Dead End Drive-InDead End Drive-In (1986)

I’m a big fan of 80’s-90’s break-down of society, present day dystopian (for when the film was made) films like Class of 1999 so here is an Australian take on things.

I’m also a big fan of 80’s-90’s Australian films so this should be good and weird.

Starting of almost like an urban Mad Max our protagonist Crabs is having a lift with his brother who works as a tow truck driver when they are called to the scene of an accident.
The pair have to quickly claim all the vehicles before a rival tow truck does and fight off scavengers.
Told you this was weird. Think this Ozploitation film can’t become any weirder then wait til you find out what this one is really about.

Crabs takes his girlfriend to a drive-in but has some tyres stolen. He goes to the front desk to try and do something about this but finds out that they are now guest at the drive-in for the foreseeable future.

At least the Sex in the City films hadn’t been made back then so the residents can’t be tortured yet.

While trying to find a way out and dealing with the locals as well his girlfriend, all of whom make a compelling argument not to leave that fit for the society they live in, Crabs then has to content with racism within the new community.

I loved it. It does seem to be mimicking similar American films of the time but with its own Australian flair.
It looks great, not just the excellent transfer but the overall look. Everyone lives in cars and everywhere is spray painted.
Everywhere. Characters are distinguishable plus they do appear like they are living in a functioning if run down grimy community adding to the overall feel.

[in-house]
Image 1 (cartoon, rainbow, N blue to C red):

It seems even Aussies predicted the downfall of Detroit.

For fans of this genre I cannot praise it enough and the Arrow release comes with a public safety film by Dead End Drive-Ins director called Hospitals Don’t Burn Down (1977).
A 24 minute short about the hazards of fires in Hospitals that reminds me of the old TV show London’s Burning which is much better than quite a few full length horror films.

Audio on the Blu-ray is good but the picture is excellent as always on Arrow releases.
Trailer below


  • Brand new 2K restoration from original film materials
  • High Definition (1080p) Presentation
  • Optional English subtitles for the deaf and hard-of-hearing
  • Audio commentary by director Brian Trenchard-Smith
  • The Stuntmen, Trenchard Smith’s classic television documentary on Grant Page (Mad Max, Road Games) and other Australian stunt performers
  • Hospitals Don’t Burn Down, Trenchard-Smith’s 1978 public information film told in pure Ozploitation fashion
  • Behind the scenes gallery by graffiti artist Vladimir Cherepanoff
  • Theatrical trailer
  • Reversible sleeve featuring original and newly commissioned artwork by Chris Malbon